A great household budget: How to manage your costs on a fickle income

Most of the people don’t love budgeting. But, it is a necessary evil nevertheless. The result of lack of a budget though universally known, yet a lot of times the urge to splurge gets the better of a shopper who ends up buying more than what he or she had actually intended to.

This won’t be too much of a problem for an affluent person or one who knows when to scale down his or her costs. But what if a person with a fickle income (fickle here means irregular income) leads a lavish lifestyle? Does no budgeting or lacks the skills to do so? The problem could be many, but the most prominent one and probably the fastest would be bankruptcy.

So, if you’re a person with fickle income with no scheduled paycheck to receive each month, then you’d agree that both budgeting as well as planning is tricky. To ease that burden off your shoulders, here’s what you may do.

The game plan to manage your budget with fickle income

Following financial strategies would always keep your household budget running in clockwork precision:

  • Estimate the amount of your budget - When planning your household budget, it is important to find out the amount you’ll be able to allocate out of your current income for the same. Estimate the amount of money you’ll be able to set aside for yourself at regular intervals. For this you’d need to have a sound understanding of the ways to derive the necessary amount you’d want to allocate as your budget on a year-to-year basis.
    In doing so, you’ll successfully have your income spread out. This will in turn help you to estimate your yearly income and then distribute that amount as per the number of pay periods you are likely to have. Once you’re done with that, you’ll have a definite amount of your income to work out a great monthly budget.
    Depending upon your pay periods (like weekly, biweekly or monthly), you can divide your overall yearly income by 12. Each of these amounts must be used for monthly transfers and should be considered as your monthly revenue.
  • Open two separate bank accounts - As far as two separate bank accounts are concerned, then they can either be opened in the same bank or in different ones. If you’re a tech-savvy person, then you can opt for an online account. The reason is you could easily open sub-accounts, if you want through it.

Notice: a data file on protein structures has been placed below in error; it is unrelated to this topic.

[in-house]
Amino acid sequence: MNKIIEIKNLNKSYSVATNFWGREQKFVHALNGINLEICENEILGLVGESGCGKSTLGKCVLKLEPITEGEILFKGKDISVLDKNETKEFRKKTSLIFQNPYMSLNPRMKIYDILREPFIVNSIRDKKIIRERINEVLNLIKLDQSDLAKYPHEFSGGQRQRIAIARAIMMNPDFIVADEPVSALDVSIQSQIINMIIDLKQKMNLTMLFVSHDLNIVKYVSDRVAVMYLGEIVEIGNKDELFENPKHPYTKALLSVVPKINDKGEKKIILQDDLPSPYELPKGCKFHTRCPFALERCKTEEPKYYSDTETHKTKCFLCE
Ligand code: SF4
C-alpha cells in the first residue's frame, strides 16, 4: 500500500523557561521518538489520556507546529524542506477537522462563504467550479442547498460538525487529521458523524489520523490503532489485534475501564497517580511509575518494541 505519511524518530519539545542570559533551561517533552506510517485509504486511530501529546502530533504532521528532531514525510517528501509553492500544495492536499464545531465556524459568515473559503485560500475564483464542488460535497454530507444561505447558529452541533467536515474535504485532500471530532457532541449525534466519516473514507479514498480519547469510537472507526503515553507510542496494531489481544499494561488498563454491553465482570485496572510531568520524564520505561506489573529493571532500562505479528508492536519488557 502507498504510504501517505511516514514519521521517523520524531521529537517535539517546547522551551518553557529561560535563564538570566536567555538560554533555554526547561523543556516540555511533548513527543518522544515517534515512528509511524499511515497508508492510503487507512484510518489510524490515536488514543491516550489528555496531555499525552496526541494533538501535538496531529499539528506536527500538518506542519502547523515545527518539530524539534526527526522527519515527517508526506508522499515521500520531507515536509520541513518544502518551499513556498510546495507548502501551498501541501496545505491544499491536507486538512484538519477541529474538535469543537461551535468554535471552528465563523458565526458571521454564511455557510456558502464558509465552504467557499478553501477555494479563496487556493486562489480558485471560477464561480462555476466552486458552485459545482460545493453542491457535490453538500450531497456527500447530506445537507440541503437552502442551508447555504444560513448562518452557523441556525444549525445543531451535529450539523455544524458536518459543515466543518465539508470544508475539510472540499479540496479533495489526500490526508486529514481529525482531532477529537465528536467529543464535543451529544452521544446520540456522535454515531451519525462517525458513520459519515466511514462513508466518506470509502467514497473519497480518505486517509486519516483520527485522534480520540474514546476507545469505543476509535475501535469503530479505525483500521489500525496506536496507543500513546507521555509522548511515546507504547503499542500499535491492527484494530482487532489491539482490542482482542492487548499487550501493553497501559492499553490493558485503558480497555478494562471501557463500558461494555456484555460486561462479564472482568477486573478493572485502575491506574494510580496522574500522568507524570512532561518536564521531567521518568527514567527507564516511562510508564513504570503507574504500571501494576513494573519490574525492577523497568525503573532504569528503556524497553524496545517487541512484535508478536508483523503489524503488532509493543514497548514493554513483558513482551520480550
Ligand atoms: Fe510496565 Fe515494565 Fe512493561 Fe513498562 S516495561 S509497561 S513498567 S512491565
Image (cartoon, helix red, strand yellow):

Let all your irregular payouts be dropped into a single bank account. Such an account is known as a deposit account. After that, create a schedule to transfer your weekly, biweekly or monthly payments from your deposit account into the main spending one.
    You can make all the external payments through a funnel into a single bank account. This will smoothen the process of fund transfers into your spending account and use it to pay for your daily costs. Primarily, both such accounts are usually checking accounts. This is because you are most likely to make multiple payments.
  • Make wise use of surplus - In the event of an excessive income left with you, then you may use a part of it as savings contribution for the immediate next year. These savings contributions will be a sort of buffer stock (emergency fund) that would help into offset the negative impact caused by a financial crisis or any kind of future deficits.
    However, its absolutely fine to consider the remaining excess amount as windfall. Remember to make your hay while the sun shines. So, your goal would be to straighten up your finances so as to boost your monthly household budget before your streams of income dries up.
  • Take cover against uncertain income - If you belong to the group which earns on a weekly or biweekly basis, then you’re fortunate enough to receive your pay as per a proper set up. This type of pay is usually found in commission-based jobs. One of the most obvious features of these jobs are that their lean periods happen to be during the start of a new year, but then the revenues starts to trickle in once the year moves on and the period of sales cycle reaches a booming phase.
    However, in such a kind of job, you may lose all your money kept at a deposit account prematurely. So, if you identify yourself in a similar kind of situation, then you may have to borrow out of your savings fund to cover your costs as well as other transfers, especially during the former months of a brand new year.
  • Last but not the least, do not forget about planning for your golden days. Its important that you continue making your contributions towards your retirement accounts, be they employer-sponsored ones or self-financed, or Individual Retirement Account (IRA) or 401(k). There are many employers who even now offer their commission-based employees with an added perk of a 401(k) plan. However, if you prefer to work on your own or are employed on a part-time basis, then the onus lies on you to contribute towards your retirement plans and build up your nest egg on a monthly basis.

    On the other hand, if you choose to ignore these advises, then your ignorance will definitely hurt your own future and that of your children and other dependents. So, make it a point to make your contributions an integral part of your budget. Apart from that, you need to ensure that you’re adequately insured with coverages like health, disability, car, homeowners, etc and keep them labelled under the non-discretionary costs of your budget.

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